2) People-centred institutions are key to deliver gendered responses on climate justice

Climate justice requires both inter-ministerial coordination as well as institutions that are well capacitated on the gender dimensions of climate change. UNDP is focusing on building capacities of institutions, including national-level decision makers, for more gender-responsive climate action. In Uganda a pilot project is addressing the negative consequences of climate change and the increased risk of gender-based violence. Among other efforts, the project is building capacities of district- and community-level representatives including Ministries of Water, Environment and Agriculture and community leaders to address gender violence risks.

In addition, the essential role of women in resource governance structures is well recognized. For instance, at the local level the participation of women in natural resource management is associated with better resource governance and conservation outcomes. UNDP has worked with 97 countries to strengthen women’s leadership in the management of natural resources. This includes support to Zambia’s Central Province to require gender balance in local governance committees that manage indigenous forests.

3) Access to justice is a cornerstone in equipping women to uphold and enforce their rights

UNDP’s research on the ground showed important intersections between climate change, livelihoods and violence against women. The increase in violence against women environmental human rights defenders, including indigenous women, remains a challenge. In 2020, at least 331 environmental defenders were killed, including 44 women, 69 percent of whom were defending land rights, the rights of Indigenous peoples and environmental rights. Women who are already more vulnerable and subject to several forms of discrimination, such as LGBTIQ+ and refugee women, face additional risks and further obstacles in accessing justice.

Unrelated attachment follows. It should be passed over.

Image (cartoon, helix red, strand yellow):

To address this challenge, it is necessary to prevent and respond to violence against women and girls in contexts of climate and environmental crises and disasters. Victims and survivors should have equal and unimpeded access to high-quality services; women environmental human rights defenders should be guaranteed protection; effective investigations of violations and abuses should lead to accountability of perpetrators and justice for victims. In the West Bank, a joint UNDP-UN Women-UNICEF project supported the opening of a specialized court for violence against women in the Nablus Court, the first of its kind in the occupied Palestinian territories.

A sustainable future for all is not possible without gender equality. UNDP’s environmental justice strategy will be a cornerstone of a more integrated approach to deliver climate justice on the ground, ensuring that gender equality and the realization of women’s environmental rights are priorities in advocacy and programming efforts.

Transformative changes require that legal frameworks empower women, enable their engagement, and protect their environmental rights.